The Drupal community is deeply committed to enhancing the accessibility of websites. Currently, the CMS is aspiring to attain the AA accessibility level of Web Content Accessibility Guidelines (WCAG) 2.1. Drupal has been making huge strides in the accessibility area during the last decade, but the arrival of Drupal 8.0 in 2015 marked an especially outstanding leap. Among a bunch of other remarkable accessibility improvements, it added extensive support for semantic HTML5 and WAI-ARIA, bringing Drupal code in line with the up-to-date web development practices. 

“One of the big enhancements that will be evident is a broad adoption of HTML5 and Web Accessibility Initiative's Accessible Rich Internet Applications Suite (WAI ARIA). Neither standard was mature enough to bring into Drupal 7, but we are happy to see their adoption in Drupal 8.”

Mike Gifford, Drupal core committer, “godfather of Drupal accessibility”

The adoption of HTML5 gave developers a chance to create templates and layouts using semantic HTML elements, which helped make content better-structured and more accessible. In his article, Mike Gifford explained that much of Drupal’s HTML was brought up to current HTML5 standards with the adoption of the TWIG template engine in Drupal 8.0. Indeed, Twig is renowned for being modern and flexible, so its arrival made Drupal templates more adjusted to leveraging the best HTML5 features for better semantic markup. Within Drupal templates, regions were defined to organize content into meaningful sections.

Thanks to the HTML5 Initiative for Drupal, the template and theme functions were refactored to use new HTML5 elements such as <article>, <aside>, <embed>, <footer>, <header>, <nav>, and so on. Special attention was given to helping Drupal’s Form API adopt a bunch of new HTML 5 form elements that enhance form accessibility. 

When it comes to WAI-ARIA, Drupal became “equipped” with built-in support for its attributes, enabling developers to assign appropriate roles, states, and properties to interactive elements and dynamic content elements like menus, sliders, modals, and so on. The Drupal core and contributed modules were updated to better align with the latest ARIA best practices.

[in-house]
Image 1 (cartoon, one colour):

Mike Gifford’s article summed up the key innovations that arrived in Drupal 8.0 to help Drupal developers harness the power of WAI-ARIA:

  • ARIA landmarks were added to Drupal’s core themes.
  • ARIA roles were introduced to the core blocks and status messages.
  • Proactive error notification for users was added through the aria-invalid attribute to alert the users of screen readers whenever there is a problem.
  • The ability to provide additional context for tables was added thanks to the aria-sort attribute. The use of the aria-sort attribute was enhanced in Drupal Views to make tables more accessible. It also gave developers the ability to add caption and summary in tables and include the header for better semantics.
  • The aria-describedby attribute was added to form elements when they had related descriptions, enhancing the accessibility of form fields.

ARIA live regions. Furthermore, developers became able to implement ARIA live regions to dynamically announce the changes so they can be read by screen readers. This is especially useful for applications with real-time updates or notifications. Mike Gifford called it one of the biggest steps for ARIA that Drupal became equipped with the ARIA Live Announcements API, which consolidated all previous implementations to provide super consistent and seamless aural experience to users.

Drupal’s accessibility advances never stop, so the support for HTML5 and ARIA has been improving and extending all the time. The latest major Drupal core version, Drupal 10, has super accessible default themes — the administration theme Claro and the front-end theme Olivero — that also rely on these elements.